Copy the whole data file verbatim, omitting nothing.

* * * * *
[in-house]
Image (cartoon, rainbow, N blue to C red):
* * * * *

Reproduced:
[in-house]
Image (cartoon, rainbow, N blue to C red):